[Image courtesy of mnbenchbar]

On Monday, the Minnesota Supreme Court cleared the way for Gopher State voters to decide whether or not to require photo ID at the polls.

At issue is a constitutional ballot question approved by the Legislature earlier this year to amend the state constitution to require ID. Opponents of the proposed amendment challenged that question, arguing that its impact would go far beyond ID to limit – if not effectively abolish – the state’s system of election day registration that was recently upheld by a federal court.

The Court’s opinion in League of Women Voters Minnesota et al v. Mark Ritchie was unanimous that plaintiffs were not entitled to block voters from voting on the question in November. However, while the majority was willing to give great deference to the Legislature and leave the question untouched, the dissenters believed that the ballot question was inadequate (and even deceptive) and would have preferred some effort (including, perhaps, printing the entire text of the proposed amendment on the ballot) to illuminate all of the issues involved for voters.

I was especially struck, however, by this passage from Justice Paul Anderson in his dissent:

How this case was litigated is also cause for concern. Early on it became evident that the positions taken by the parties on the validity of the proposed ballot question, vis-à-vis the constitutional amendment, were at polar opposites, both legally and politically. This polarization was evident in the parties’ briefs and at oral argument.
It is unfortunate that our court has been drawn into the current national and state conflict between political forces over how citizens can exercise their right to vote. Nevertheless, we are at the epicenter of this conflict’s highly polarized and partisan atmosphere as it plays out in Minnesota; thus we have no choice but to render a decision.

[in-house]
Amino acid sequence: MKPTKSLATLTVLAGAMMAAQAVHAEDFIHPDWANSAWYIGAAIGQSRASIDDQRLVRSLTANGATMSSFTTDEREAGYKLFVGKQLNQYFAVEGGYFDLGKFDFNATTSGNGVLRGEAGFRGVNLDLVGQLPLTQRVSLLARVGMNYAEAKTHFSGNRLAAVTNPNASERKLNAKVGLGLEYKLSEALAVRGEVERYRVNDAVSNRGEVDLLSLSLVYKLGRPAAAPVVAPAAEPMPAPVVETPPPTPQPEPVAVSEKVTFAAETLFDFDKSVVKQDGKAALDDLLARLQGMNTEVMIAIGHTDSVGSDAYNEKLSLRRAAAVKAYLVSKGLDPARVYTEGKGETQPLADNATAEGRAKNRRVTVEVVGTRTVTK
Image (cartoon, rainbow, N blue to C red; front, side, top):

That said, the parties should have been more cognizant of the distaste that courts
generally, and our court, in particular, have for bringing a polarized, partisan atmosphere with them when they come to our courtrooms. It would have been more helpful had the parties demonstrated more objectivity in their arguments, and been more willing to acknowledge the law, both pro and con, when presenting their arguments to our court.

[PREACH IT, Mr. Justice Anderson.]

The opinion (as well as another upholding the Legislature’s chosen title over an alternate selected by the Secretary of State) sets up a huge- and hugely interesting – clash for the fall.

Minnesota won’t be the first state to vote on photo ID – Mississippi voters approved it last year – but the ferocity of the debate is likely to far outstrip what was largely a forgone conclusion down south. Nor is Minnesota the first election-day registration state to consider photo ID; neighboring Wisconsin enacted such a bill last year (now stalled in court) – but that was decided by legislators as opposed to directly by voters.

The biggest thing to watch, though, is the interplay between the vote on photo ID and the legislative elections also being held this November. The language of the proposed amendment is such that even if it succeeds this November, most observers believe it will require some kind of enabling legislation next year. Consequently, if Democrats (who oppose photo ID like virtually every one of their party colleagues across the nation) take back one or both houses of the legislature, the debate over ID is likely to continue.

For now, however, the fight over photo ID (and another measure banning same-sex marriage) is being taken to Minnesota voters. It’s very possible that even the race for the White House and a U.S. Senate re-election campaign could recede into the background as the two sides go to work this fall.

Fasten your seat belts – it’s certain to be a bumpy ride.